Will a Denver Broncos Wide Receiver Emerge During Wes Welker's Suspension?

Wes Welker has been suspended for the first four games of the NFL season. What does this mean for the rest of the Denver wide receivers?

It's been reported that Wes Welker tested positive for a banned amphetamine, and is now suspended for the Broncos first four games.

Rather than speculate the off-the-field issue at hand, it's important to see how this changes the Broncos and Welker on the field.

Wes Welker’s fantasy football value has already taken a massive hit over the last 10 days after yet another concussion, this one coming in the Broncos third preseason game against the Texans on August 23rd. Over the last week, Welker’s Average Draft Position according to fell from the late-fourth to the late-sixth round. Yikes.

Welker is 33, already has massive concussion and other injury concerns, and is now suspended for the first four games of the regular season. Not a good start to his 2014 campaign. But what does this mean for the other Broncos receiving options not named Demaryius Thomas or Julius Thomas?

Emmanuel Sanders and Andre Caldwell

First up, Emmanuel Sanders. Before Wes Welker was suspended, Sanders was being a bit overdrafted, being taken in the fourth round. He was going ahead of notable wide receivers like Andre Johnson, Percy Harvin, and Victor Cruz. But after Welker’s suspension, his ADP is a little more justifiable.

Because of Welker’s four-game suspension, Sanders will obviously see an increase in targets in a Peyton Manning offense. Perfect. If you rostered Sanders in fantasy drafts over the last couple of weeks, Welker’s suspension was music to your already-happy ears.

The issue is that the cost you spent for Sanders may have been his upside. Among wide receivers that had 100 or more targets last year, Emmanuel Sanders finished 35th out of 36 in terms of Reception Net Expected Points (54.15). And while that's just one season, it just so happened to occur during the year where he saw his most significant volume. Fortunately, however, his average talent is now completely offset by opportunity. Sanders can play outside or in the slot, meaning the loss of Welker makes him an even more important piece to the offense.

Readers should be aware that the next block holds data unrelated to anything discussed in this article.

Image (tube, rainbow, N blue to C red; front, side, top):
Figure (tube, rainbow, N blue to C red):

I’ll be even more brief with Andre Caldwell: we know what he is, and his upside is still very limited. I don’t necessarily mind picking up Caldwell in some leagues, but he just does not possess the upside that Sanders or that rookie Cody Latimer does. In fact, when Welker missed time last year, Caldwell averaged just 37.67 receiving yards per game, and saw a little over six targets per contest as well. Let's not pretend he's a legitimate answer.

But one guy may be.

Cody Latimer: Big Wide Receiver With a Big Opportunity

Cody Latimer has been on super-deep sleeper lists this whole offseason and has gotten to showcase his talent, albeit in a small sample size, this preseason. Take a look at his physical metrics.

PlayerAgeHeightWeightSpeedVertical Jump
Cody Latimer216' 2"2154.3939 inches

Cody Latimer fits the bill of a freak NFL wide receiver. He has great size, he ran a 4.39 40-yard dash at his pro day along with a 39 inch vertical jump, all on a broken foot. Latimer actually fell in the 2014 draft because of his broken foot, which allowed Denver to trade up to number 56 overall and snag him.

Latimer is a freak, but what about opportunity? As it stands right now, Andre Caldwell is ahead of Latimer on Denver’s depth chart. But I don’t think that lasts long. Not only did Caldwell do little with his opportunity a season ago, but his historical Reception Net Expected Points per target numbers are well below average. The biggest thing in the way for Latimer right now is experience, but if he can clear that hurdle, he's the player with the most potential given this suspension.

Add Latimer as a legitimate flier. If he performs well, we may be here to stay.